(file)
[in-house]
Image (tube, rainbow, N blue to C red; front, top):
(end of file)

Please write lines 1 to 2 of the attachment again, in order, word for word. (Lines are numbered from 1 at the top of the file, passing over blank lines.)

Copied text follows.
[in-house]
Image (tube, rainbow, N blue to C red; front, top):